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Monday, 22 May 2017

Painting A Lady In Red In Oil Colours

In today's blog I once again use palette knives and oil colours when I paint a Lady in Red. I lay down blotches of paint to develop the picture and only use a brush to sign my name with. The facial features, though almost imperceptible, are done in scgraffitto.


I start today's project on a masonite board measuring 91 cm x 38,5 cm.


I prepare the surface by painting the board with Dala Acrylic Gesso.


I then paint the whole surface a bright yellow, using acrylic paint to speed up the drying time. As, at least some of the colours I will be working with, will be transparent, or semi-transparent, this bright yellow undertone, will give my painting an energetic and warm feel.


I then use a charcoal stick to draw my design on the dry paint.


I still have a little paint left on my palette from the previous project. I decide that using this on my canvas will actually contribute positively to the outcome and so I start by adding blotches of these colours to the background.


I will blend these in later.


With my palette clean, I can now start adding the colours I wish to use.


I start with a bright red. I will use the round-tipped palette knife for most of today's painting.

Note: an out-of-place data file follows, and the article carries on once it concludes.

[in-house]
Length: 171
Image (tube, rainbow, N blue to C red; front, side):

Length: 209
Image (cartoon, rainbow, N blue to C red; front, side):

The essence of the figure is painted in red.


I now opt for a reddish brown.


I paint the shaded are of the background in this colour.


A bright yellow will go in the lighted areas.


I continue to fill in the background.


I now desperately need to strat adding cooler touches to the painting.


Blue is added to the painting, with blotches added to the top as well.


I choose a warm green for the final colour in the background.


Note how I keep repeating the colours on the top and bottom, left and right, even if it is only in blotches.


I now need to develop the shadows and shaded areas of the figure to add definition to the painting. I opt for a different palette knife at this stage.


The shadows are painted in. I also finish the clutch bag in her hand.


The skin tone will be further developed by adding Raw Sienna to the flesh tones left over from the previous palette.


I simply add blotches of the Raw Sienna to the skin.


Instead of painting the facial features, I switch palette knives once again and simply scratch into the wet paint to create the illusion of features.


I then simply need to sign my name before the painting is done.


After a couple of days, I returned to this painting and decided that I did not like my choice of colours for the background. As a result, I decided to change it. I would swap the reddish brown for a deep purple. I started with  pure white to cover most of the brown with.


Do not paint solidly over everything. Also, remember the principle of fat over lean. If you paint thinly over thick paint, the top layer will dry too quickly, causing cracks to appear. Keep your layers thick and fat.


I then moved on to the purple I wanted to use.


This time, the finished result held more appeal for me.


Marietjie Uys (Miekie) is a published author. You can buy my books here:
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